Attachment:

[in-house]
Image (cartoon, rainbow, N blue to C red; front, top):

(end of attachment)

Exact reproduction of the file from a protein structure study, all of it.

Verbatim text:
[in-house]
Image (cartoon, rainbow, N blue to C red; front, top):